• Has anyone else noticed that with Ehlana's being barren, there will be no more Sparhawks as he has no son- and thus, no more champions? Nobody in the books did, and Sparhawk at least should find this to be a fairly major issue.
      • It's implied that Talen will be taking up the position.
    • Ulath tells the story of a knight that left the Order and sought refuge in a monastery after an Ogress fell in love with him. Who in the story is a former knight, current religious figure, who obviously misses his days of adventure and violence? Bergsten!
  • Full-Frontal Assault: Bellina, under Azash's curse, who hangs out naked in her brother's cellar butchering and eating children alive.
    • And then inverted when the Knights run across a horde of naked revelers trying to summon Azash into a clay idol, and promptly assault them.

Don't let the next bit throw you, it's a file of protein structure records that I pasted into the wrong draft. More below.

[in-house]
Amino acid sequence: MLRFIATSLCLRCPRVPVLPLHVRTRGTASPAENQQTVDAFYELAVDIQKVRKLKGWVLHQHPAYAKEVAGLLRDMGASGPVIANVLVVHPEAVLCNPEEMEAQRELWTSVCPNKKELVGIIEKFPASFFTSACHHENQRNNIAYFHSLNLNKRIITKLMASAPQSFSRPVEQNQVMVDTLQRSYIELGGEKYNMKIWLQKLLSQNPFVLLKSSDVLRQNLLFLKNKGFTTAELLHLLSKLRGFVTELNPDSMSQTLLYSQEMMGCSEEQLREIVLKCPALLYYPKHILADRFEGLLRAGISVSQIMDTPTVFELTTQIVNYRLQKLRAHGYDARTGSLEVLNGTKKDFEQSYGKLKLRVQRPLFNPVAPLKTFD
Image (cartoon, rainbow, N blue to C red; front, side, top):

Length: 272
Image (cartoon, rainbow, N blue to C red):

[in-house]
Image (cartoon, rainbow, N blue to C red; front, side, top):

• Also done by Lillias during her farewell to Sparhawk.
  • Hilarious in Hindsight: During the second book the Knights are approached by a displaced Troll in the dark who starts shouting for them to hand over the child who stole from him. Everyone automatically assumes it's Talen. It's inexplicable at first, until you find out later the Troll is actually Ghwerig and he's looking for Flute, not Talen, whom everyone thinks of instantly when they hear "child" and "thief".
    Ulath: How could Talen pick a Troll's pocket? They don't even have pockets!
  • Jerkass Woobie: Avin Wargunsson. Yes, he's a Small Name, Big Ego Prince Regent, but he developed this bad attitude because of his stature; being over a foot shorter than everyone around him, he was constantly ignored (and often stepped on) by everyone else - Thalesians generally wind up somewhere in the 6-7 feet range. Upon his death, Bergsten is more concerned about if the wine that Avin was drowned in could be saved than about the Prince Regent being assassinated in his own office.